What is Money Laundering – apart from being big business?
- Defined very widely in the UK. Incudes all forms of using or possessing criminal property (as well as facilitating the use or possession) regardless of how it was obtained.
- Criminal property may take any form including:
- Money or money’s worth
- A reduction in a liability and
- Tangible or intangible property
- Money laundering (ML) can involve the proceeds of offending in the UK but also of conduct overseas that would have been an offence had it taken place in the UK. Money laundering also includes terrorist financing. There is no de minimis exceptions to money laundering or terrorist financing (MLTF).
- ML activity can include:-
- A single act (eg possessing the proceeds of one’s own crime)
- Complex and sophisticated schemes involving multiple parties
- Multiple methods of handling and transferring criminal property or
- Concealing criminal property or entering into arrangements to assist others to conceal criminal property.
- Businesses need to be alert to the risks posed by:-
- Employees and
- The customers, suppliers, employees and associates of clients
(Neither CBS nor its customer needs to have been party to ML for a reporting obligation to arise – see later)
In summary, ML is the process of concealing the origins of money obtained illegally by passing it through a complex sequence of banking transfers or commercial transactions. The overall scheme of this process returns the ‘clean’ money to the launderer in an obscure and indirect way.
The United Nations Office on Drugs and Crime estimates that the amount of money laundered globally is 2 – 5% of global GDP or $800 – $2tn per annum in current US dollars.
What is the UK legal and regulatory framework?
- Primary ML offences are defined by Proceeds of Crime Act 2002 (POCA) as amended by Serious Organised Crime and Police Act 2008 (SOCPA). Inside or outside the regulated sector someone commits a ML offence if they:-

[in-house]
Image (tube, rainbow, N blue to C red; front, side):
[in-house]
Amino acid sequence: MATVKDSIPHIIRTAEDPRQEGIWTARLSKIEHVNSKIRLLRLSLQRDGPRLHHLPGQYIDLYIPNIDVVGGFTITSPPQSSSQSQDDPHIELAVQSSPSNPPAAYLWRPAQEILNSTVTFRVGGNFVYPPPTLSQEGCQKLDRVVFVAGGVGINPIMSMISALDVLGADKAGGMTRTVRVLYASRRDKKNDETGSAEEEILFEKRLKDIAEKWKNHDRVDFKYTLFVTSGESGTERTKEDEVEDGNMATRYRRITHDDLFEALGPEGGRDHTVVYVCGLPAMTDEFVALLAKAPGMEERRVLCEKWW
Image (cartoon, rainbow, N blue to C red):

- conceal, disguise, convert, transfer or remove criminal property from England, Wales, Scotland or Northern Ireland
- enter into, or become involved in, an arrangement which they know or suspect facilitates the acquisition, retention, use or control of criminal property by or on behalf of another person.
- Acquire, use or possess criminal property for which adequate consideration was not provided
- None of these offences is committed if:-
- The persons involved did not know or suspect that they were dealing with the proceeds of crime, or
- There is a reasonable excuse for not reporting (very rare for example in terms of personal safety or security), or
- The conduct which gave rise to the criminal property is reasonably believed to have happened outside the UK and had it been committed in the UK would have carried a maximum prison sentence of 12 months (very complex and onerous requirements to be complied with).
What are the responsibilities of a business?
- Businesses must have systems in place and controls capable of
- Assessing the risk associated with a client/customer,
- Performing CDD
- Monitoring existing clients
- Keeping appropriate records – both financial and non-financial and
- Entailing staff to make an internal SAR
- Relevant employees must be trained appropriately so that they understand both their own AML obligations and the business wide systems and controls that have been developed to prevent MLTF
- The AML skills, knowledge, expertise, conduct and integrity of relevant employees must be assessed.
- Effective internal risk management systems and controls must be established and the relevant senior management responsibilities clearly defined.